Lower Leg Pain.
Exertional lower leg pain is a commonly diagnosed overuse injury in recreational runner and in the military with an incidence of 27-33% of all lower leg pain presentations. Typically, runners will present with increasing pain on exercise, which is described as ‘tightness’, or ‘constricting pain’. Symptoms can increase with up-hill running or by increasing running speed with a fixed cadence. Symptoms tend to worsen to a point when you are no longer able to run. The pain and symptoms are eased by rest and occasionally can present with short term numbness or weakness or foot slapping, however these usually settle quickly. Classically you are pain free when not exercising. The underlying pathophysiology was thought to be decreased blood flow to the muscle compartment, and termed chronic exertional compartment syndrome (CECS) due to the covering of the muscle – the fascia being too tight or muscle getting too big but to date no evidence of reduced blood flow, or muscle damage due to this has been seen.
There are many causes of shin pain and calf pain, and making the diagnosis is often a complicated task. In my research work to date I have focussed on debunking many of the myths around the diagnosis of chronic exertional compartment syndrome (CECS). CECS was though to result from elevated pressure in the muscle compartments of the legs , however the diagnosis is in doubt as the pressures reached do not stop blood circulating to the muscle, and so the pain seems to not come from pressure. The most common cause of shin or calf pain I see is related to strength capacity. You are asking the lower leg to do more work than it is conditioned to do from perhaps an increase in miles, a new shoe ( particularly the new carbon midsoles- which allow you to do more ankle work, change of training partners or clubs or you are coming back to running after a break.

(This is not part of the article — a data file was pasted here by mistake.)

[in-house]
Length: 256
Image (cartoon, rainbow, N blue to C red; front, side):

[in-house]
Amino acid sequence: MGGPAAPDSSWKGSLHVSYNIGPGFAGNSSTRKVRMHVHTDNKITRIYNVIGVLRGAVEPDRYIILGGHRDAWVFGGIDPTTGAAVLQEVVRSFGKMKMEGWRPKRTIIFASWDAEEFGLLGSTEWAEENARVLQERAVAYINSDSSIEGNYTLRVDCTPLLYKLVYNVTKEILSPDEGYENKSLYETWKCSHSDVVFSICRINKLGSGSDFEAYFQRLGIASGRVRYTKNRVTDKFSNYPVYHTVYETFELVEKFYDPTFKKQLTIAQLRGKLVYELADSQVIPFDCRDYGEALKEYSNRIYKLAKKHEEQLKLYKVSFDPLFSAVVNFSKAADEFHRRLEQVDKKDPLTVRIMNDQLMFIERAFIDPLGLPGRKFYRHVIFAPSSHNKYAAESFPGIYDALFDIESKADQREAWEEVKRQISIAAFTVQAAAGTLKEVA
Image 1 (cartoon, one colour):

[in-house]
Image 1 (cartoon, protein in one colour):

Recent work on running technique and kinematic and kinetic changes of gait may provide the underlying mechanism behind the propagation of muscle overload. Reduction in the stride length, ground contact time, vertical oscillation and lower extremity angle all contribute to improved running economy, reduced ground reaction force and movement efficiency
Our research has led us to believe that chronic exertional compartment syndrome is a mechanical muscular overload rather than a pathological process and suggest it be considered Biomechanical Overload Syndrome.
We have recently published on our successful treatment of these patients:
We use our SSCRunLab to test strength, power and the sequence of use in ankle, knee, hip and torso and start a focussed program you do yourself in the gym, on the road or track.
There are other causes, and the importance in making a diagnosis is vital, I broadly group these other diagnoses into the “Power supply”, “Blood supply”, “Muscle enzyme” or “bone stress changes”. The nerve supply from the back can be irritated by facet joint osteoarthritis, or a bulging lumbar disc, and a lumbar MRI scan can help us rule these out. More distally, the power supply as it passes around the proximal tibiofibular joint can cause irritation of the common peroneal nerve, more often this causes some weakness in dorsiflexion, but can be ruled out using nerve conduction studies. case for longer disk or modestly around that figure in the case of common perineal nerve.
With respect to the blood supply, either again this can be proximal at the femoral artery, or distally in popliteal artery entrapment syndrome. Here, duplex arteriogram and measurement of ABPIs can rule out the diagnosis. Muscle causes can include compartment syndrome , either post trauma, or in eosinophilic fasciitis, whereto compartment is thickened, and where intra compartmental pressure measurement can be performed, and rarer metabolic causes where muscle biposy is needed. We cannot rule out bony causes such as periostitis or stress fracture must not be missed